Automobile parts and sub-assemblies manufactured abroad and transported to a US assembly plant.



The trucking, draying or carting of freight. Expression for the rate charged for picking up the goods from the sender or for house delivery. The term is derived from when this was done by cart. It usually refers to a small distance (locally inside a pier, for instance).

For more information see Drayage (same), and Haulage (long-distance).



An association of several independent national or international business organisations that regulates competition by controlling the prices, the production, or the marketing of a product or an industry.



This is a Customs form permitting in-bond cargo to be moved from one location to another under Customs control, within the same district. A common example would be in a motor carrier's possession while draying cargo.


Cash Against Documents (1)

A method of payment for goods in which documents transferring title are given the buyer upon payment of cash to an intermediary acting for the seller, usually a commission house.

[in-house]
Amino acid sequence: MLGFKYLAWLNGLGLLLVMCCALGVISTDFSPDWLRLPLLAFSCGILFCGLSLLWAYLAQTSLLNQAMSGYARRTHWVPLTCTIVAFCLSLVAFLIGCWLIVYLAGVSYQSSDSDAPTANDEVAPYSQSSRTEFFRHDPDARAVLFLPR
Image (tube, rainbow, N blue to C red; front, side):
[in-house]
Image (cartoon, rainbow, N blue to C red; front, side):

Cash against documents

A method of payment for goods in which documents transferring title are given to the buyer upon payment of cash to an intermediary acting for the seller.


Cash in advance

Cash in advance


Cash in Advance (1)

A method of payment for goods in which the buyer pays the seller in advance of the shipment of the goods. The deal is usually employed when the goods, such as specialised machinery, are built to order.


Cash With Order (1)

A method of payment for goods in which cash is paid at the time of the order and the transaction becomes binding on both buyer and seller.


Cash with order

Cash with order



To prepare an anchor, after raising it by lifting it with a tackle to the cat head, prior to securing (fishing) it alongside for sea. (An anchor raised to the cat head is said to be catted).

The cat o' nine tails (see further below).

A cat-rigged boat or catboat.


Cat Head

A beam extending out from the hull used to support an anchor when raised in order to secure or 'fish' it.


Cat o' nine tails